Good Hair - An Alliance Films’ Release
DVD Release Date: March 9th, 2010
Running time: 94 minutes
Jeff Stilson (dir.)
Chris Rock, Jeff Stilson,
Lance Crouther, and Chuck Sklar (writers)
Marcus Miller (music)
Special Features: Audio Commentary with Co-Writer and Executive Producer, Chris Rock and Executive Producer Nelson George; Featurette: “Afro to Jheri Curl”, Deleted Scenes, “Andre Harrell’s Greatest Hits”, “Civil Rights Barber”
Program Content and Package Artwork: © 2009 Home Box Office, Inc. All Rights Reserved. Package Design and Summary: © MMX Lions Gate Films Inc. All Rights Reserved. Key Art Design: © MMIX Roadside Attractions LLC. All Rights Reserved. Distributed exclusively in Canada by Alliance Films. All Rights Reserved.
Our reviews below:
Good Hair Review By John C.
*** (out of 4)
Hosted by Chris Rock, Good Hair is a funny and entertaining documentary, that tackles deeper issues, like self-esteem among African-American’s, particularly over not having “good” hair. This makes for some interesting interviews and set pieces, like a trip to India showing where the add on hair pieces, “weaves”, actually come from.
My only real complaint is that the film is a little long, and could have been edited by about 15 minutes. But this isn’t as much a complaint about this film, as it’s rare to see a documentary that isn’t a little long. Good Hair is an engaging, funny, and well made documentary, that’s worth seeing on DVD.
The DVD includes audio commentary with Chris Rock, and producer Nelson George.
Good Hair DVD Review By Erin V.
***1/4 (out of four)
For those that aren’t familiar with the whole industry of trying to achieve ‘good hair’ among some African Americans, this documentary is a real window into that world. Formed around the question ‘Why don’t I have good hair,’ put forth to writer Chris Rock, by his young daughter, this film really looks at some of societies views on beauty today.
The interesting thing is about this whole branch of the hair industry is that while the upkeep of the expensive hairpieces and such is often done by African Americans themselves, the real benefitors of the industry financially, are Asians, for it is their straight/wavy black hair that is sold for most of the weaves. A visit by Chris Rock to India poses some interesting questions in itself.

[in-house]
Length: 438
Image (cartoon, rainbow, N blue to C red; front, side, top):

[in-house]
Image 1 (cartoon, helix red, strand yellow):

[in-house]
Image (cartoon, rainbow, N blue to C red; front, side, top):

So, what makes supposedly “Good Hair”? For some, it is putting harsh chemicals on their heads in order to make their hair straighter, or wearing a ‘weave’, which is hair pieces woven over your own netted hair, in order to wear a more stable kind of wig. The question is, why in our society are there only certain types of hair that’s ‘good’? I think, what you’re born with is what matches you best, and learning how to embrace it will bring out more beauty than covering it up ever will.
This is definitely a worth watching documentary, at least once. I’d say rent it or buy it. It’s quite interesting, and made in an entertaining way too.
Good Hair DVD Review By Nicole
***1/2 (out of 4)
When Chris Rock’s three year old daughter came up and asked him “Why don‘t I have good hair?”, he was inspired to create a documentary about hair and self esteem in the African-American community. Chris Rock interviews various celebrities, asking them what they do about their hair. Rock visits a hair salon, and finds out that some women (and some men) are not pleased with their African-American crinkly hair, and will go to great lengths to get rid of their “black” hair. Several straighten out their hair with sodium hydroxide, a chemical hair relaxer which can melt soda cans, burn skin, and cause lung damage. Some of the women interviewed also wear weaves, natural hair extensions that are tied onto the individuals own hair. The hair for weaves comes from Hindus in India who shave their heads for religious rituals. People pay thousands of dollars on weaves, just so they can have bouncy hair.
Rock also visits a hair styling show for African-Americans, where the main stylist is white. Here, only a few of the participants wear their hair natural. Most want hair that is smooth and shiny. What Chris Rock realizes, in our body image obsessed society, is that few people are happy with who they really are. This funny documentary takes a critical look at self esteem, fashion, and cultural identity.